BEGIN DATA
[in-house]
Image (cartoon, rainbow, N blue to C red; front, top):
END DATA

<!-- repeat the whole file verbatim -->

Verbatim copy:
[in-house]
Image (cartoon, rainbow, N blue to C red; front, top):